Nursing Momma's Quick Guide to Essential Oils
One of the areas that has spurred on my essential oil passion is helping families, most often mommas, use essential oils safely for themselves and their family. As a mom, who was blessed with a nursing bond with all 3 of my boys (each over 2 years), I understand very intimately what questions come up during this delicate time.
To begin, I’d like to lay out a little about essential oil practice. There are some foundational beliefs most trained aromatherapists like myself hold to as we practice our therapy.
Dilution – this is the process of using a carrier, (commonly a vegetable oil like olive, grapeseed, avocado, etc.) and adding it to your essential oil creating a usable application for the body to absorb and process. Dilution does not in ANY way diminish the effectiveness of an essential oil, in fact, it helps the body to be able to process the essential oil.
Essential Oil Composition Knowledge – each essential oil is comprised of compounds that make that oil that oil. Peppermint, for example is made up of over 10 chemical compounds. Recognizing these compounds and the levels that they come in for a specific batch of oils can fluctuate the recommendations around that oil.
Drug Interactions – yes, it’s possible! Essential oils can have interactions with pharmaceuticals and it is accepted across the professional collective to be a great consideration when using aromatherapy as a therapeutic modality.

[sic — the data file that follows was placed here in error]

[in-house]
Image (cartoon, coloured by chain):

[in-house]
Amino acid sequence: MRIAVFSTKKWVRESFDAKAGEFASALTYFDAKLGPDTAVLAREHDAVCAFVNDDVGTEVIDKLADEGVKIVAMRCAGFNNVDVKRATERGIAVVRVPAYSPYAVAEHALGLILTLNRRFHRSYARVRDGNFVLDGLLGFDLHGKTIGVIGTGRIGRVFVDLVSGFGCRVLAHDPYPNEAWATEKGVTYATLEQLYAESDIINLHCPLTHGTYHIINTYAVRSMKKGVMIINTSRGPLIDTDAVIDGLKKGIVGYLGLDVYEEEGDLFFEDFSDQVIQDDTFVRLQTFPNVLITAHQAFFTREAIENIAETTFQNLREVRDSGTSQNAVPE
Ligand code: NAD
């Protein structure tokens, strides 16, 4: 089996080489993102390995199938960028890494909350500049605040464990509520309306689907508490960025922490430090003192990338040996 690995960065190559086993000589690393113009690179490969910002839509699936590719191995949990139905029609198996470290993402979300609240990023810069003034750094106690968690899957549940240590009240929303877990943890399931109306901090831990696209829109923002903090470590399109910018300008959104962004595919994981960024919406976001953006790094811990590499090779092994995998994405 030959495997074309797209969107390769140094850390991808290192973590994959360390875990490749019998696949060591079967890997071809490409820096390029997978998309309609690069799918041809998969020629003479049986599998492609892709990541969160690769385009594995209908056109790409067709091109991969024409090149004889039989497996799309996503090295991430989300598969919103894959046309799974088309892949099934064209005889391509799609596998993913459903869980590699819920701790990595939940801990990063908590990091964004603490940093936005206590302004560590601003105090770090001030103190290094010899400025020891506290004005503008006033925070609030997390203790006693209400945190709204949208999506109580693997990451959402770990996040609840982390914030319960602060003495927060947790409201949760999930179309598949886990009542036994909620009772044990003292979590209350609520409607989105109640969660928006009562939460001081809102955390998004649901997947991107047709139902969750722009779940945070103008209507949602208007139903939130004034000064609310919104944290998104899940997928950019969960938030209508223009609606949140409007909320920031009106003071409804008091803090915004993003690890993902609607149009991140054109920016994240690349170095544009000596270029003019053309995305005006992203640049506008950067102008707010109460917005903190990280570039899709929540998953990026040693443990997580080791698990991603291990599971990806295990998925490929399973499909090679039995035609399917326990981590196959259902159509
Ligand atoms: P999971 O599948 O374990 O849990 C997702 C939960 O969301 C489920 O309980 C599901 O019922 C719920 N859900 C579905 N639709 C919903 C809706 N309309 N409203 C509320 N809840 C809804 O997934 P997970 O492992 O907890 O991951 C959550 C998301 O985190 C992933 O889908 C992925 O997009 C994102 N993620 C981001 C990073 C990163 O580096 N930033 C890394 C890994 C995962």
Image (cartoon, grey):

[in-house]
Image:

Ingestion – most professional aromatherapists do not recommend recreational ingestion of essential oils and definitely not during pregnancy and lactation.
Age & Demographics – while this area may have some variation on particulars, most aromatherapists agree that children should be addressed differently than adults and considerations like frailty, elderly, current constitution, etc need to be held in consideration with essential oil use.
Outside of these, there is a range of practice that you will see that may vary slightly from aromatherapist to aromatherapist. Just like one pediatrician may give antibiotics for an ear infection and another may prescribe a heating pad and lots of snuggles, the recommendations of different aromatherapists often will vary. Throughout this blog post I will be putting in some do’s and do not’s and will be clear what is a practice preference and what is backed by the professional industry. I’m often asked why there are so many recommendations and who to trust. Hopefully the above example will help you understand as well as this blog post on why I personally believe that erring on the side of safety is of great importance.
This is the current list of essential oils that are restricted or oils that are not recommended during pregnancy and lactation. We will refer to it often during the remainder of the post. You can download and print your own hi-res PDF here. With that foundation, let’s move into some basic safety for mom and baby during different phases of the breastfeeding relationship!
Baby is here and you intend to breastfeed! It may surprise you to know this is one of the most delicate times for mom and baby’s nursing relationship. Baby is driven mostly by smell and instinct to begin nursing upon arrival earth side so it is important to keep mom’s aroma uninhibited immediately postpartum. This is why we do not recommend anointing baby, mom or the umbilical cord with essential oils after birth. Any essential oils that were diffusing during birth should be brought to a close as well.
Newborns 0-3 months – actual age for preemies